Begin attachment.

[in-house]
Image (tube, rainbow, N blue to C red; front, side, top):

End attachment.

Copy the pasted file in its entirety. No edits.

[in-house]
Image (tube, rainbow, N blue to C red; front, side, top):